This research is notable for a couple of reasons. In Goldens, it suggests that the neutering of males well post-puberty could possibly help to avoid the problems of increased rates of hip dysplasia, cranial cruciate ligament tears and lymphosarcoma. For females, the issue is more convoluted and more studies are needed, because early neutering seems to increase the incidence rate of cranial cruciate ligament tears and late neutering may be tied to higher rates of certain cancers. For pet parents of pure-bred Goldens, the bottom line is that it is extremely important to gather all information before deciding if and when to neuter. As with all medical decisions, please review the options available to your companion animal with your veterinarian before deciding on a course of action.
It is important to note that the results of this study are breed-specific to Golden Retrievers and cannot be extrapolated to other breeds, or dogs generally. This study may or may not be the tip of an iceberg, as a full understanding of the disease conditions affected by neutering across all breeds would require many more breed-specific studies, and these may not bear any meaningful fruit. Needless to say, veterinarians will be following new research closely.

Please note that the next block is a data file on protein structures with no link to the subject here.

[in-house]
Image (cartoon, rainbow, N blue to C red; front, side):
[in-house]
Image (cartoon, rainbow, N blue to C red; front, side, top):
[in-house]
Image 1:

Pet parents wanting to learn more about this provocative study can read it at the link below (first listing under ‘References’).
Just to be absolutely clear, I am still very much committed to neutering pets at a young age (although perhaps not the very young) due to the systemic problem of overpopulation and the horrible consequences of doing nothing at all to turn the tide.
Thank you for all you do to make the world a better place for companion animals.
Dr. Jane Bicks